“On October 3 , Wells and his advisors reached a number of important decisions under the threat of Alexander’s rapid advance. First they resolved to destroy Fort Bridger and Fort Supply, lest these two settlements prove of service to the expedition. . . . As more aggressive moves Wells divided his calvary into several units, under Smith, Burton, Rockwell, and McAllister, and sent them to harass the army. . . .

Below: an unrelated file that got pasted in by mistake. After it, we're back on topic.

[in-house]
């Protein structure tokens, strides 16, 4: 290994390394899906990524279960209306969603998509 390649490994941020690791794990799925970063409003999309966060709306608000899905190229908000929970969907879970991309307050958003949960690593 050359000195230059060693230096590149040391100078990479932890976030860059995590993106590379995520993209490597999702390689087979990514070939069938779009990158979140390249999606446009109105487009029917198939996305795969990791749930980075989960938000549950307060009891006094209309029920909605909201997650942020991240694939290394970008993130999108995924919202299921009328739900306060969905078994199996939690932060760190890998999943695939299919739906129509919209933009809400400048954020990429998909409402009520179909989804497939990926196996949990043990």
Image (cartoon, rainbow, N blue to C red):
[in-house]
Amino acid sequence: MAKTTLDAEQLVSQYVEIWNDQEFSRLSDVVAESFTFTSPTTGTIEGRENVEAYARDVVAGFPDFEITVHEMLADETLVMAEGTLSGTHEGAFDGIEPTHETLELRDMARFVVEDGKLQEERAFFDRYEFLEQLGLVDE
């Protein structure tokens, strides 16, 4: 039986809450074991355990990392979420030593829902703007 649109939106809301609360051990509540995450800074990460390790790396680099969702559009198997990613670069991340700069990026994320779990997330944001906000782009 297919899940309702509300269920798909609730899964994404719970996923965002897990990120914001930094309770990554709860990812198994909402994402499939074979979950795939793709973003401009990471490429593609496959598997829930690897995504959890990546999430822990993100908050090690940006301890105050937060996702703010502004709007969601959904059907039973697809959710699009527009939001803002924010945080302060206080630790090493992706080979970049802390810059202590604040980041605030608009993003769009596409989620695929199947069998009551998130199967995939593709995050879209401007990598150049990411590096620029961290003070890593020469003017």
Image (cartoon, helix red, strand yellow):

With forty-three men Smith left Fort Bridger on October 3 as one of the sent out to follow the expedition. After he had met and turned back a supply train of the army, he divided his small forces into two units, retaining twenty-two men under his command and sending the others to steal Alexander’s mules. In the early morning of October 5 Smith and his weakened company came upon the camp of two more trains, each with twenty-six wagons, halted along the Green River. Although the teamsters, had they known it, cold have held the Mormons off until help arrived from Alexander’s forces nearby, in the darkness they were uncertain of their enemies’ strength . . . The teamsters, furthermore, were civilians, not soldiers, and they had no stomach to die in defense of government property. Thus without a shot the raiders were able to fire the two trains. Later the same day the Major met a third train on the Big Sandy and destroyed it with equal ease.”